The Joplin Globe, Joplin, MO

June 28, 2007

Unfinished tourist center already attracting crowds


By Roger McKinney

rmckinney@joplinglobe.com

GALENA, Kan. — Melba Rigg on Wednesday was talking up Galena and its Route 66 connection to visitors from Palm Springs, Calif.

“I’m bound and determined to get Galena back on the map,” Rigg told them.

Rigg is one-quarter of 4 Women on the Route, who are refurbishing the former Little’s Service Station at First and Main streets to serve as a stop for Route 66 tourists. They plan a gift shop, Route 66 memorabilia and a snack bar.

The other three women are Judy Courtney, Renee Charles and Betty Courtney.

On Thursday, C.H. and Donna Harvey and their son, David, from Texas, stopped by in a 1995 Mustang Cobra made to resemble Lightning McQueen, a character in the Disney movie “Cars.” C.H. Harvey pulled the car up beside the truck that inspired the Mater character in the movie. The truck belongs to the four women.

“When you put smiles on kids’ faces, that’s what it’s all about,” C.H. Harvey said.

Word spread around Galena, and dozens of people gathered with their children and grandchildren to see Lightning McQueen.

Lou and Jo Ann Molinar, of Joplin, Mo., were in Galena to talk with Rigg about scheduling an appearance by the truck at their Fourth of July party at their house on Schifferdecker Avenue. Lou Molinar said they decided to hang around and see the car.

The crowd at the gas station caught the attention of Harold deBock, 61, director of a market research firm in Holland, who is motorcycling Route 66. He stopped and took a few photos of the scene.

“It’s been a dream for a couple of years now,” deBock said of his trip. “This whole Route 66 thing in Europe is pretty big.”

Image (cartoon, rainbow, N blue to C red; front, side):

The women began working on the station in March, and there is still more to do, said Judy Courtney, who owns the building.

“There’s people coming in every day,” she said.

She said the women are relying on donations for the project.

Charles said the corner once was the location of the Banks Hotel, but she found a Joplin Globe story from 1933 stating that the hotel had to be removed because it obscured visibility for motorists along Route 66. She said she thinks an old photo of the Little’s Service Station on display in the building dates to the late 1930s or early 1940s.

“We’re really wanting to get Route 66 through Galena improved,” Charles said. She said the viaduct and some of the culverts have been preserved, but are in disrepair.

Rigg said recent visitors have included a group of Norwegian women on motorcycles, a Belgian photographer, and tourists from France and Germany. Rigg said she is considering studying foreign languages to assist international visitors.

She said she was surprised one day by an Irish television crew filming a Route 66 documentary.





Down the road



Members of the Baxter Springs Historical Society had a work day Wednesday to refurbish a former Phillips 66 station as a tourist center they hope to open this fall.